Director: Tod Williams
Cast: John Cusack, Samuel L. Jackson, Isabelle Fuhrman, Owen Teague, Clark Sarullo, Ethan Andrew Casto, Stacy Keach, Anthony Reynolds, Erin Elizabeth Burns, Joshua Mikel
MPAA Rating: (for disturbing violent content, terror, brief sexuality and language)
Running Time: 1:38
Release Date: 7/8/16
Review by Mark Dujsik | July 7, 2016
When Stephen King's Cell was published in 2006, the smartphone was not yet a common accessory and most certainly not the necessity it has become (The release of one company's revolutionary device, which for a period became synonymous with "smartphone," was still over a year away). Our cellphones still existed primarily to make phone calls. A top-of-the-line model flipped open and closed. Their screens weren't constantly consuming our attention in the way they do now.
It was a simpler world back then, and King's novel was an entertaining piece of Luddite fear-mongering that, perhaps unintentionally, turned out to be prophetic. The hook of the novel was that a mysterious signal, which turned people into zombie-like beings, was sent through the world's cellular networks. Since pretty much everyone, in King's get-off-my-lawn view, was always on the damn phone, a significant segment of the population turned into brain-dead monsters that were literally controlled by technology. Only luck or a decided distrust of technology saved people from the transformation.
A decade after the book, we get a movie version, with a screenplay co-written by King himself (along with Adam Alleca). Among its multiple problems, perhaps the most significant, from a pure storytelling perspective, is the movie's pre-smartphone mindset. The world has changed in such a way that the novel's concerns about technology—especially a certain device—overtaking our lives are more relevant than when it was released (Even the meaning of the phrase "on the phone" has changed). Cell, the movie adaptation, doesn't take advantage of the shift. It's stuck in the old days, and as a result, the movie's potential for examining and criticizing our current technological landscape is never fulfilled.
It's also, well, pretty silly—and not necessarily in the way one might imagine an outdated piece of technophobic claptrap could be silly. The silliness is not in the basic premise but in the execution.
This is a movie that opens with the mass transformation of people into murderous zombies at an airport, and right off the bat, it's painfully apparent that director Tod Williams doesn't have a grasp on how to convince us of the threat of these formerly human creatures. Part of that is because they still exist on a metaphorical level, but most of it is a matter of staging. Also, in what might be a far-too on-the-nose bit of irony, the movie's own technology—namely, its visual effects—betrays it.
Caught in the middle of the chaos at the airport is Clay Riddell (John Cusack), a graphic novel artist whose cellphone battery dies just before the signal is emitted. As almost everyone around him begins killing each other with whatever is available, Clay runs from (Cusack has a—how to put this charitably—distinct gait that undermines some of the tension) and dodges the attacks, flailing his arms in a particularly comical fashion.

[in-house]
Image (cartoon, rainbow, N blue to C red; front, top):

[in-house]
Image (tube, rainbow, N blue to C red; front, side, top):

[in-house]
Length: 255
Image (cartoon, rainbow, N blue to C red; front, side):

As for the consistent ineffectiveness of the movie's effects, one need only observe a plane that collides in midair and then plummets into the tarmac. It's not the only time a theoretically horrific scene is undone by effects. Later, there's also mass burning of a group of sleeping "phoners," as they're called (It's always curious how the survivors of these apocalyptic events seem to universally agree on terminology), and it also looks too cheap to have the appropriate impact.
Clay eventually joins up with Tom McCourt (Samuel L. Jackson), a train conductor, and Alice (Isabelle Fuhrman), Clay's upstairs neighbor. The trio makes their way from Boston across New England, hoping to find Clay's wife (Clark Sarullo) and son (Ethan Andrew Casto), as well as some answers to the cellular zombification of humanity.
The characters exist, then, simply to state the rules of this epidemic (Even before and still after one character says it's too early to determine the rules) in between bouts of running from and shooting at hordes of categorically not-scary phoners. Along the way, they meet an assortment of characters who essentially do the same things—speculate about and fight off the problem—or become zombies themselves, leading to yet more speculation and shooting. One gets the sense that Williams' work is mostly checking off budgetary line items: They have the firearm and makeup allotments, so they might as well use them. One can sense the tedium.
There is a muddled mythology that goes partway to explaining what has happened (something to do with one of Clay's artistic creations), but by the time Cell gets around to offering any—undeniably useless—clarification in the climax, the movie's repetitive nature and on-the-cheap production have offered little to no reason to care. As for that finale, a zombie sing-along turns out to be the least ridiculous part.
Copyright © 2016 by Mark Dujsik. All rights reserved.
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